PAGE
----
Study: Nursing Homes Must Prepare for Influx of Alzheimer’s Patients

A new study on Alzheimer’s disease by researchers at the University of Minnesota School of Public Health finds that a culture change is desperately needed for to help improve the quality of life for Alzheimer’s patients in nursing homes. Facilities also need help to prepare for the millions of patients expected to be diagnosed with the disease in the next few decades.

“My findings show that cognitive impairment and dementia are often key predictors of residents’ quality of life,” says Tetyana Shippee Ph.D, assistant professor in the Division of Health Policy & Management at the University of Minnesota School of Public Health. “Therefore, it is imperative that there is a special focus on quality of life for those with dementia in nursing homes.”

The researchers say state and federal regulations should be updated to improve nursing home quality of life by:

  • Improving patient assessment. Comprehensive assessments of people with Alzheimer’s could ensure more patients avoid eligibility gaps and qualify for nursing home care subsidies. They could also identify potential problems for patients, such as fall risks or behavioral challenges.
  • Increasing state Medicaid payments to nursing homes. The funding would help eliminate funding disparities among nursing homes and offer resources to those wanting to make longer-lasting improvements and potentially cost-beneficial changes in quality of care.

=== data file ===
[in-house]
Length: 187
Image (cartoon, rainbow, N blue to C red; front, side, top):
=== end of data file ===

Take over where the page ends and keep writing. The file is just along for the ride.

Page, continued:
• Expanding pay-for-performance nursing home care models. These models would create financial incentives—rather than the penalties in use currently–for health care improvements.

“While there are a number of promising approaches to helping those with dementia, updating methods is often slow because of reimbursement challenges,” says Shippee. “I also think it is important to emphasize the continued challenge of timely access to nursing home care for those with dementia and disparities in innovation based on nursing home status, [such as] whether they’re non-profit or for profit or Medicaid vs. Medicare funded.”

The study was published in Health Affairs.

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